Global automakers have big plans for new EVs, and are investing billions of dollars to bring new electric models to market. However, there’s a big potential bottleneck: batteries.
Above: Thousands of Tesla Model 3 cars being shipped from Shanghai to Europe (Twitter: Tesla China)
Tesla saw early in the game that the availability of batteries would be a mission-critical constraint. In September 2013, Elon Musk conceded that the world’s entire current production of lithium-ion battery packs wouldn’t be anywhere near sufficient to supply Tesla’s third-generation, mass-market vehicle (Model 3). He told CNBC that a “truly gargantuan battery factory of mind-boggling size” (Gigafactory 1) would be needed.
The legacy automakers are belatedly preparing for mass production of electric vehicles, but as Bloomberg reports, they may soon be hard-pressed to secure enough batteries to get their EV production lines up to speed.
“There are not enough batteries to fulfill the automakers’ near-term promises,” Sam Jaffe, Managing Director of the energy-storage consulting firm Cairn ERA, told Bloomberg. “A lot of new battery factories are being built. But there is a battery-supply problem in the near term. All of the incumbent automakers are scrambling at this point.”
The market for automotive-grade battery cells is dominated by a handful of companies in China, Japan and South Korea—according to a recent report by UBS Securities, the top six suppliers controlled 87% of the global market last year.
This inconvenient truth is already disrupting automakers’ global supply chains. Honda plans to electrify all the cars it sells in the European market by 2022—but these cars won’t be built in Europe anymore. Earlier this year, Honda shuttered its only EU factory. Hondas bound for Europe will now be imported from Asia, where the company has an established supply chain for its electric powertrains and batteries.
“Unfortunately, we’ve had to make a tough decision, and similar decisions are being made across the industry,” Tom Gardner, Honda’s Senior VP for Europe, told Sky News. “Electrification has a number of challenges for the powertrain, the battery supply and all of those things, for us, are optimized in the Japan and Asia region.”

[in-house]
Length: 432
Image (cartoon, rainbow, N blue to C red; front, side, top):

Above: Total battery shipments for 2019 in gigawatt hours (Source: Bloomberg)
Short-term shortages have been causing headaches for EV-builders. Bloomberg reports that, in February, bottlenecks with battery supplier LG Chem forced both Audi and Jaguar to pause production of their electric SUVs. In October, a legal dispute between LG Chem and fellow South Korean producer SK Innovation threatened a “catastrophic supply disruption” for Ford and VW.
The exclusive club of big battery players—which also includes China’s CATL and Japan’s Panasonic, is increasingly setting the tempo in the growing EV industry.
“Battery suppliers can be very picky with their OEMs,” Nathalie Capati, founder of a consulting firm called the Battery Lab, told Bloomberg. “There are only a few cell suppliers who can meet their quality and volume. The automakers are at the mercy of cell suppliers these days.”
Tesla’s long partnership with Panasonic has kept its all-important battery supply chain moving more or less smoothly. However, as production of Model 3 ramped up, the California carmaker began to feel constrained by the pace of the Japanese giant’s production. Bloomberg reports that Panasonic is adding a 14th battery-cell production line to the Nevada Gigafactory, an addition that’s expected to increase output by 10%. However, this won’t fill the gap.
“Today’s batteries can’t scale fast enough,” Elon Musk said at last month’s Battery Day presentation. “There’s a clear path to success, but a ton of work to do.” Tesla has begun sourcing batteries from CATL and LG Chem, and making plans to free itself of its dependence on outside suppliers altogether. Tesla is building its own cells on a pilot line in Fremont, and has announced plans to build cells at the upcoming Texas Terafactory.
It’s becoming increasingly clear that developing the US clean energy industry is a national security issue, and batteries are among the most strategic of commodities. The nonprofit Institute for Defense Analyses is one of many organizations that have been trying to bring this issue to the attention of our national leaders.
As Mary Nichols, Chair of the California Air Resources Board, recently put it, “A new arms race has begun. It’s an electric race to get to cheaper and more powerful batteries, and it’s one that manufacturers around the world are competing in.”